Its a monster, I am working on an intelligent step estimator that takes a know data set from any two sensors, compiling them into a 3d table based on time. Then based on the previous data set results develop a least squares 6th order equation defining the system. Make the system move to the next point most likely containing the goal based on the predicted fit of the spline. Rinse and repeat, ditching outliers that are no longer be prevalent to the current data.

If I have the math correct it would basically be a self tuning PID system capable of accepting multiple inputs and balancing them automatically to achieve the desired goal. Ideally its a pid loop that is not a wave, and therefore correctly responds to each change in conditions with a very close estimate of its desired goal.

Who knows, if it works NO MORE PID TUNING :) or Non stable loops (That in my case tend to tear a bunch of stuff up always, why do they always go unstable when your not watching them?)

TJ

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Projects. RG500 ECU system. PropCopter. Prop CanSat. Prop Paste Gun.

Suzuki RG500 in a RGV 250 frame.

Bimota V-Due (Running on the fuel injection system)

Aprilia RS250

Tracy Allen

04-05-2009, 11:28 PM

Wow! That's a much much bigger monster than I imagined. Good luck!

Nonetheless, the operation of taking proportions right up there with multiplication and division. It is indeed an optimization, because the original terms in the formulas have to be evaluated a priori to see where a proportion is involved. Then adjust the order of operations to avoid double precision, that is, calculate (a/b)*c rather than (c*a)/b. Well, it depends too on how much precision the problem really needs.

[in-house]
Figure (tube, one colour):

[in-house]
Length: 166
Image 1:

PRI ratio(a, b, c) : f ' calculate c *a/b

' enter with a<b; 0<=a<2^30, 0<b<=2^30 (positive)

' c can be any valid twos complement number.

repeat 31 'calculate result such that result / (2^31) = a / b , approximates a/b

a <<= 1

result <<= 1

if a => b

a -= b

result++

result := c ** result * 2 ' return this value, division by 2^32 is implicit in **

' for smaller values |c|<2^30, the *2 can precede the **.

In spin, ** is a double precision operation, but you get to hand that off to the interpreter.

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Tracy Allen

www.emesystems.com (http://www.emesystems.com)

Jack Crenshaw

04-08-2009, 02:58 AM

PhiPi said...

Jack,

Consider this example, though: ra:rb = $0000_0001:0000_0000, rx = $0000_0001 (i.e. ra = rx). The quotient ($1_0000_0000) overflows 32 bits. I believe this would be the case any time ra > rx.

It doesn't work that way, Phil. Or at least, it shouldn't. rx should always be left justified, so that its high bit is always

a one. With that arrangement, rx ends up as $1000_0000. Even if rx = $1111_1111, subtracting rx gives

$0111_1111. The high bit has been reset, the 1 has been recorded as the first bit of the result, and the process

can continue.

This is nothing new. Remember that in ordinary long division, we had to "point off" the divisor so that it was as large

as possible and still "go into" the dividend. The binary algorithm works exactly the same way, except that the trial

divisions are much easier because the partial quotient is always either a 1 or a 0. You never have to back up to a

smaller quotient digit, as sometimes happens with decimal division.

Jack

Phil Pilgrim (PhiPi)

04-08-2009, 03:25 AM

Jack Crenshaw said...

rx should always be left justified, so that its high bit is always a one.

??? Are you sure you're not thinking about floating point? In unsigned integer 64/32=32 division, anytime the most significant long of the dividend is greater than or equal to the divisor, you will get an overflow (i.e. the quotient won't fit in 32 bits).

-Phil